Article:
But there does seem to be a new mindset emerging, which as touched upon above is more empathic and human-centred. We were particularly struck by the ideas of Joe Pine and James Gilmore, who co-wrote The Experience Economy nearly two decades ago now. They talked to us about how experience design is fundamentally designing the time customers spend with you. That designing for time (and place) they talk about and delivering of value is very different from the way that marketing communications is focused on describing value in different ways. It's also more of an iterative process than the linear campaign approach of advertising, and that agility is something that is changing the way brands conduct their marketing. This includes increasingly becoming data-driven and both content and tech-enabled.
JK: Again, that depends a good deal on who you speak to. For some bigger agency groups, Content is just one of numerous revenue streams. Nothing more, nothing less. For others it now lies at the heart everything they do, allowing them to leapfrog their competitors having been provided with blank canvas to re-write rules/play through blurring lines. Then there are those who place it squarely as a novelty approach that's far from being mainstream. And if you head out further along that axis you reach the rejecters with a manifesto of hard-hitting, and often justified, criticism that ranges from Content being a load of bollocks via being a distraction from the real job of doing marketing to an example of how easy the industry succumbs to its own bullshit.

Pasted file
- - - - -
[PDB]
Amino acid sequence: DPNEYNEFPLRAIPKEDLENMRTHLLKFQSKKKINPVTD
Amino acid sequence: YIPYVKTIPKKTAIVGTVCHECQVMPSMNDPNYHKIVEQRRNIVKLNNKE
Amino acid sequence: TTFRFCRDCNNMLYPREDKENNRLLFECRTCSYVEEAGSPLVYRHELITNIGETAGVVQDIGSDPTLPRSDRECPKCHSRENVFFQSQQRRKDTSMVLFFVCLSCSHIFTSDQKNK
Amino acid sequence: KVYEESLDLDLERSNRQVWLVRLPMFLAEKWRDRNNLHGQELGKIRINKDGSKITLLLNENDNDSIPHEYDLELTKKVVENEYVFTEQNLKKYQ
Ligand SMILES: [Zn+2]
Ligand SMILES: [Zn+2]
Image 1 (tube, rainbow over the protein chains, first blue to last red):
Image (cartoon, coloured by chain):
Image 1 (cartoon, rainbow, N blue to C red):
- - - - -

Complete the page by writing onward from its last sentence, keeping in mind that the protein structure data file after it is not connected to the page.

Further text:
In short, there is no-consensus but unlike most books about content marketing we actually cover both sides of that debate and pretty much everything in between. If you step back and follow both the money and look at what clients are saying are their most important opportunities and priorities then it's clearly high up on their lists – as evident in Unilever's 5Cs brand strategy framework.
This a blessing and curse for both sides because the customer journey has become anyone's game now by having also become the content journey. That means everyone is in the content game, which has a commoditising effect for those on the supply side and amplifies confusion on the buying side about not only who they commission to create what for whom along those journey but why. We think our book and the Empathic Utility lens we present in it could help with that and perhaps just as importantly show how they can play a better part in our lives and at the societal level.
"The Strategic Guide to Content Marketing" is available to buy now, published by Kogan Page. Imperica readers can get 20% off the cover price by visiting the Kogan Page website and using the discount code AMKCONTENT20 at checkout.